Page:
Reporters on the Job

MOVE QUICKLY: Reaching the Kurdish town of Qamishly on the Syrian-Turkishborder from Damascus, Syria's capital, involves a drive of about 10 hours across the Syrian desert and flood plain between the Euphrates and Tigris rivers.

Reporter Nicholas Blanford says he and his companion were worried they would arrive in Qamishly only to be turned back by Syrian security police. "We were told in Damascus that we would probably be tailed by security personnel for the duration of our stay in Qamishly, which is a sensitive town close to the border with Iraq," Nick says. But they think they matched wits with their watchers. "Although the security police learned of our presence the moment we checked into a hotel, we managed to stay one step ahead of them and avoid a tail - at least we think we did," says Nick.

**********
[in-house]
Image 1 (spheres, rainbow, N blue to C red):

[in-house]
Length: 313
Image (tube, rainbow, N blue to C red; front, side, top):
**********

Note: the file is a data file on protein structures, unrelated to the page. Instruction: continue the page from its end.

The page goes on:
WE START EARLY: Reporter Rachel Van Dongen got her first hint of Colombia President Alvaro Uribe Velez's love of the job earlier this month, when international reporters were summoned to the presidential palace for a briefing. The off-the-record session began promptly at 7 a.m.

Mr. Uribe softened the blow by serving coffee, along with fruit juice and cheese-bread called bunuelos.

The hottest topic was the new decree that reporters must ask permission eight days before entering a "zone of rehabilitation." International reporters had complained hotly of this, and Uribe seemed genuinely concerned. But "many days later," Rachel says, "the restrictions are still in place."

LONDON'S LOOK: After seven years out of the country, Martin Hodgson was taken aback by the appearance of his home city. "On my street, there are at least five abandoned cars, and a three-piece suite has been abandoned at the corner. I have always loved the city and still do, but I didn't remember it ever being so shabby."

Amelia Newcomb
Deputy World editor

Cultural snapshot
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